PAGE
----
CECL: A Half-Baked Cake

One year after implementation, there’s still work to be done when it comes to new rules around expected credit losses.

I began my career auditing and consulting with credit unions in 1977 and vividly recall my mentor, Gene O’Rourke, teaching me allowance for loan losses (ALL) theory in those early days. Credit unions had adopted ALL accounting procedures a few years earlier and were still steep in the learning curve for this important accounting concept. Before adoption of the ALL, credit unions simply charged-off uncollectible loans directly to the regular reserve, with no impact to earnings. Yes, that was the major purpose of the regular reserve, which became pretty useless subsequent to ALL accounting.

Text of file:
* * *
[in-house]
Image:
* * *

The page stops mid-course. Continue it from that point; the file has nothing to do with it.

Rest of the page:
Over the course of my career, credit unions — and all banking institutions — often found themselves having to revise their ALL methodology based on economic conditions and underwriting quality issues that became apparent as loan portfolios seasoned. These economic events played havoc with earnings; further, since ALL accounting is somewhat subjective, it wasn’t unusual to see some level of earnings management result from the ALL methodology implemented.

Fast forward to 2024. The current expected credit loss model (CECL) has totally changed the method by which credit unions measure loan losses. Credit unions adopted CECL throughout 2023, and virtually all had implemented it by Dec. 31. Now that the first quarter 2024 call report data is available, some important metrics provide a critical perspective on adoption methodology.

ALL Versus CECL Basic Theory

CECL At-A-Glance

  • The CECL cake is only half-baked, with lots of missing ingredients and more time in the oven needed.